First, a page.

- The Washington Times - Sunday, December 3, 2017

With a single punch Monday, President Trump will deliver a blow to the legacies of two Democratic predecessors as he chops up controversial national monuments created by Barack Obama and Bill Clinton.

Mr. Trump will travel Monday to Salt Lake City, where he is expected to announce his long-awaited moves to reduce the Grand Staircase-Escalante National Monument and the Bears Ears National Monument, two sprawling tracts in Utah that critics long have cited as the most glaring examples of presidents abusing their power under the 1906 Antiquities Act.

The president’s supporters say his action this week — the final result of a review process started by Interior Secretary Ryan Zinke last spring — will begin to return power to local stakeholders and is a key first step in reversing a trend that saw administrations of both parties grab huge swaths of land and designate them as monuments, regardless of whether local populations agreed with the decision.

“Utah has become ground zero for politically motivated national monument designations that are excessive in size and contemptuous of peoples’ livelihoods,” said Rep. Rob Bishop, Utah Republican and chairman of the House Natural Resources Committee. “The president has stood against prior abuses of executive power, and his administration has demonstrated a commitment to work in concert with local communities to protect unique public antiquities and objects the right way.”

The century-old Antiquities Act gives presidents the authority to create monuments, but it specifically states that they should be limited to the smallest area possible and to protecting specific artifacts or other items of cultural and historical significance.

Mr. Obama and Mr. Clinton, however, stretched the bounds of that law to its breaking point. Grand Staircase is comprised of 1.8 million acres, and it’s widely believed Mr. Clinton created the site mainly to stop potential mining in the area. Monument designations effectively shut off land to energy exploration.

Similarly, Mr. Obama created the 1.35 million-acre Bears Ears and shut down potential coal development in the area. He did so over the objections of some local officials and many Utah lawmakers, though environmentalists and many Native American leaders backed the decision.

In reversing those actions, Mr. Trump’s cuts could represent the largest reductions of any national monument in history. He reportedly will chop Grand Staircase by as much as 85 percent and Bears Ears by about 50 percent, and possibly will turn each existing monument into two separate sites rather than the single massive tracts they are now.

Past presidents have shrunk monuments at least 18 different occasions, though none of those reductions were close to the scale the Trump administration is considering.

The president’s opponents have vowed to fight the move. Thousands reportedly rallied in Utah over the weekend in opposition to the cuts. Other demonstrations are expected Monday when the president arrives in Salt Lake City.

Environmental groups and Democratic lawmakers have said they’ll use lawsuits, public protests and other methods to try to stand in the way.

“It is the largest attack on public lands, waters and outdoor heritage we’ve ever seen,” Sen. Tom Udall, New Mexico Democrat, told reporters late last week. “His decision will lift protections for tens of thousands of sacred sites, putting them at risk for looting and theft. … It is deeply hurtful and insulting to the Native American tribes who worked over many years for the Bears Ears National Monument.”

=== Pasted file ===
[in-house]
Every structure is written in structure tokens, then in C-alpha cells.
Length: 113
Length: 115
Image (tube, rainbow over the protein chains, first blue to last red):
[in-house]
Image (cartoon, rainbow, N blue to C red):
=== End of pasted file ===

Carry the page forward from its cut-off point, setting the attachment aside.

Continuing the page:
Mr. Udall also blasted Mr. Trump’s “ignorance” of the law, saying he simply doesn’t have legal authority to shrink monuments. Critics consistently have used that argument, though they typically ignore the fact that other presidents have reduced them with little or no outcry.

In these cases, though, the fight over monuments has become in some ways a proxy war over energy development. Environmentalists believe the Trump administration wants to open up land currently in the Bears Ears monument for uranium mining and areas in Grand Staircase to coal mining.

“This is not about state sovereignty. … This is entirely about access to fossil fuels and to uranium,” said Collin O’Mara, president of the National Wildlife Federation.

Others say the administration doesn’t particularly care about rolling back executive power and instead wants to give a gift to energy companies.

“Despite millions of Americans demanding permanent protection for all of our national monuments, our president and Secretary Zinke have now turned their backs and instead are aligning themselves with those who want to exploit our shared lands for personal profit,” said Jamie Williams, president of the Wilderness Society.

While it’s true that eliminating monument designations would free up land for energy development, the Antiquities Act was never intended to be a mechanism for presidents to cordon off huge areas of federal land. Furthermore, Mr. Trump’s backers say the land in Utah will still be protected, and that the expected changes will by no means result in the destruction of land or artifacts.

“I believe [Mr. Trump‘s] proclamation, following Secretary Zinke’s fair, thorough, and inclusive review, will represent a balanced solution and a win for everyone on all sides of this issue,” said Sen. Orrin Hatch, Utah Republican and a longtime critic of both monuments in his state.

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